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Measures and Impact of Caseload Surge During the COVID-19 Pandemic: A Systematic Review.

OBJECTIVES: COVID-19 pandemic surges strained hospitals globally. We performed a systematic review to examine measures of pandemic caseload surge and its impact on mortality of hospitalized patients.

DATA SOURCES: PubMed, Embase, and Web of Science.

STUDY SELECTION: English-language studies published between December 1, 2019, and November 22, 2023, which reported the association between pandemic "surge"-related measures and mortality in hospitalized patients.

DATA EXTRACTION: Three authors independently screened studies, extracted data, and assessed individual study risk of bias. We assessed measures of surge qualitatively across included studies. Given multidomain heterogeneity, we semiquantitatively aggregated surge-mortality associations.

DATA SYNTHESIS: Of 17,831 citations, we included 39 studies, 17 of which specifically described surge effects in ICU settings. The majority of studies were from high-income countries (n = 35 studies) and included patients with COVID-19 (n = 31). There were 37 different surge metrics which were mapped into four broad themes, incorporating caseloads either directly as unadjusted counts (n = 11), nested in occupancy (n = 14), including additional factors (e.g., resource needs, speed of occupancy; n = 10), or using indirect proxies (e.g., altered staffing ratios, alternative care settings; n = 4). Notwithstanding metric heterogeneity, 32 of 39 studies (82%) reported detrimental adjusted odds/hazard ratio for caseload surge-mortality outcomes, reporting point estimates of up to four-fold increased risk of mortality. This signal persisted among study subgroups categorized by publication year, patient types, clinical settings, and country income status.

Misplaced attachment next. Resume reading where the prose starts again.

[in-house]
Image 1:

CONCLUSIONS: Pandemic caseload surge was associated with lower survival across most studies regardless of jurisdiction, timing, and population. Markedly variable surge strain measures precluded meta-analysis and findings have uncertain generalizability to lower-middle-income countries (LMICs). These findings underscore the need for establishing a consensus surge metric that is sensitive to capturing harms in everyday fluctuations and future pandemics and is scalable to LMICs.

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